Mobility PR, Lake Oswego, Ore./Wireless Industry Partnership, as AOR for global comms.

Ruder Finn, San Francisco/Foster’s Wine Estates Americas, for national PR for its Beringer Vineyards Napa Valley promotional campaign.

Internet Edition, September 6, 2006, Page 6


Two former executives of broadcast PR shop KEF Media Associates have set up a firm, Firstline Media, with a presence in Chicago and Atlanta.

Chuck Edmundson, former SVP for KEF, is a 20-year veteran TV reporter and editor, heads Firstline Media’s Atlanta office. Paul Friefeld, former VP for KEF who also is a former broadcast journalist, is in Chicago for the new venture.

The new firm is aligned with Firstline Creative Resources of Atlanta, a graphic arts and event planning firm.

“Anyone can shoot b-roll, but it’s crucial to come up with a strategy for every project,” said Edmundson. “That’s where our experience is making the difference for our clients.”

Firstline handles SMTs, VNRs, PSAs and RMTs.


zcomm, a Bethesda, Md.-based broadcast PR firm, has added three new staffers to its broadcast PR team.

Melissa Daddio, a veteran radio promotions and marketing exec in the Washington, D.C., market, joins as a VP focused on the development of new services and radio promotions.

Jaclyn Fortune, an A/S on the DaimlerChrysler account at GMR Marketing, has joined as a manager for radio promotions. Also, Abbey Cantor, an intern, has been promoted to radio coordinator.

M+R Strategic Services is handling grassroots and communications work for SmokeFreeOhio, a campaign by the American Cancer Society and other groups to create smoke-free public places and workplaces in the Buckeye State.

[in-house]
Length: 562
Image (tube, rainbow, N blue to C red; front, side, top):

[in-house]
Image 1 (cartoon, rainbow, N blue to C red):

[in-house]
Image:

M+R reports that the group has turned in 185K signatures to the Sec. of State to get the issue on the November ballot. That is double the required number of signers, thanks to 3,000 volunteer online activists who participated in the drive, M+R noted.

An online appeal also raised $10K for the cause.

The firm also kicked off a national campaign to highlight the 600K residents of Washington, D.C., that do not have voting representation in Congress. That work is for DC Vote.

BRIEFS: Joel Tesch, manager of sales and product partnerships for Business Wire, has been named Northern California regional sales manager. The area encompasses the Bay Area, Silicon Valley and Sacramento. ...Romina Rosado has been promoted to managing director for The NewsMarket in Europe. She will handle business development, newsroom integration and oversee the European launch of the digital video delivery company’s new product suite slated for release later this year. The Black PR Society of New York will fete its founding members at a Sept. 14 mixer at Burson-Marsteller, 230 Park Avenue South (19th Street). $20/non-members; ...Mark Haefeli Productions nabbed an Emmy nomination for its work for Paul McCartney’s concert in St. Petersburg, Russia.



Bonin Bough, SVP for Ruder Finn Interactive, to Weber Shandwick, New York, as EVP of interactive and emerging media.

Alberto Rojas, comms. counsel and spokesperson for Consumer Reports, to The Jeffrey Group, New York, as director of client service.

Nikita Davis, U.S. recruitment manager for Burson-Marsteller, to Marina Maher Communications, New York, as VP of talent. She was previously a senior contract recruiter for CMP Media.